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KNOCK, Maggie 1881-1925

KNOCK

Posted By: Tammy (email)
Date: 3/22/2015 at 08:29:19

Maggie Knock Takes Her Life By Hanging

Despondency Thought To Be The Cause Of Her Act On Sunday Afternoon

Found Hanging in Barn

Had Been a Resident of This City a Number of Years, Residing With Mother

This community was shocked Sunday afternoon when it became known that Miss Maggie Knock had taken her life that afternoon by hanging.

As has been the custom for years a number of the close relatives of Mrs. Lena Knock, mother of Maggie, gathered at the home of Mrs. Knock Sunday to spend the day, and about 2:30 o'clock Maggie had made some tea and the family sat down to drink it. About this time Maggie made her disappearance and after fifteen or twenty minutes members of the family started to look for her. They went into the back yard and garden, but saw nothing of her, and then her sister-in-law, Mrs. Ontje Knock, went to the D. S. Kirkpatrick barn on an adjoining lot and there she discovered Maggie hanging by a rope. Her brother, Ontje, who was also searching for her, took her down and carried her into the house and Dr. Carpenter was called. But she was beyond all medical help, life being extinct when she was found.

No cause can be assigned for her rash act beyond the fact that she had not been feeling well for some time and had every symptom of a nervous breakdown coupled with spells of despondency. To her brother, Ontje, only about an hour before she had complained that she felt very bad in her head, that her head felt queer and heavy on top and that she could not overcome the feeling; she also complained of being very nervous. A few months ago she had been examined by a physician and it was then discovered that she had very high blood pressure, and it is presumed beyond a doubt that all these things had much to do in unbalancing her mind and led her to take her life.

The Kirkpatrick family had gone to Eldora to spend a portion of the day and it is presumed that Maggie knew of their absence when she went to the Kirkpatrick barn to commit the act, the barn being open and easy of access.

She took a long rope she found in the barn and used to stake out stock to graze, and climbing upon a manger in the barn she tied the rope over a 2x6 above the manger and then made what is known as a slip-noose and placed it about her neck. In this manner she jumped or fell from the manger where she must have been standing to the barn floor, her feet touching the floor when the rope was tightly drawn.

Her neck was not broken and everything indicated that she had strangled to death.

L. D. Coffman, County Coroner, was called shortly after the body was discovered and after questioning a number of witnesses pronounced it a case of suicide.

Maggie Knock was born in Colfax township 44 years ago and has always lived in this county. Her father passed away several years ago, and about 9 years ago her mother moved to this city to reside and Maggie has always made her home with her mother.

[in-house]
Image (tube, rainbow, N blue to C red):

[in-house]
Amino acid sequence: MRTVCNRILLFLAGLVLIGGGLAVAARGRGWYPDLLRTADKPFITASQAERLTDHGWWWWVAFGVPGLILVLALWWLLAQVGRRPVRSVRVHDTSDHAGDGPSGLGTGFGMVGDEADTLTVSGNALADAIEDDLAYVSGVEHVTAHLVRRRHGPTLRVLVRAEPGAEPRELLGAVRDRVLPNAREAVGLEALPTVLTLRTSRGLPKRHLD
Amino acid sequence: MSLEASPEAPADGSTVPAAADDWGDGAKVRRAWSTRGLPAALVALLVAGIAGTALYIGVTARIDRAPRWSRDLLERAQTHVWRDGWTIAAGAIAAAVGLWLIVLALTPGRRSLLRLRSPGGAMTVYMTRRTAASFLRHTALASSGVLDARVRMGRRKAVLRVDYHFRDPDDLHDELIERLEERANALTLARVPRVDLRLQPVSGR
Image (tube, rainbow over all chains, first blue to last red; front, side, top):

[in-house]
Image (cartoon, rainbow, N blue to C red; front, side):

There are two brothers, George, living northwest of Grundy Center a few miles, and Ontje, living in Colfax township. There are also two half-brothers, Nickolas, of Lennox, So. Dak., and Harm, living in Minnesota. There are also a large number of relatives living in this county.

Funeral services were held Wednesday at one o'clock from the Drake church in Colfax township, Rev. H. F. Sinning officiating assisted by Rev. J. E. Drake in the presence of a large concourse of relatives and sympathizing neighbors and friends.

--The Grundy Register (Grundy Center, Iowa), 23 July 1925, pg 1

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Death of Maggie Knock

In the untimely death of Miss Maggie Knock on last Sunday afternoon much sympathy is felt in the community here and in Colfax, where the family lived for many years, for the aged mother, now nearly 80 years of age, and to whom Maggie has been a lifelong companion and helpmate. The brothers, too, keenly feel the loss of their only sister.

Maggie will also be missed in the German Presbyterian church of which she had been a member ever since moving to this city, and previous to that of the Drake church in Colfax township. She was an active church worker and an exceptionally good Sunday school teacher, and she has taught a class every Sunday until a short time ago when she gave it up at her own request.

In many of the homes in this vicinity her death has brought sorrow and the sympathy of all goes out to the bereaved and heartbroken mother and brothers.

"God hath not promised
Skies always blue,
Flower-strewn pathways
All our lives through.
God hath not promised
Sun without rain,
Joy without sorrow,
Peace without pain.
But God has promised
Strength for the day,
Rest for the labor,
Light for the way,
Grace for the trials,
Help from above,
Unfailing sympathy,
Undying love."

--The Grundy Register (Grundy Center, Iowa), 23 July 1925, pg 1


 

Grundy Obituaries maintained by Tammy D. Mount.
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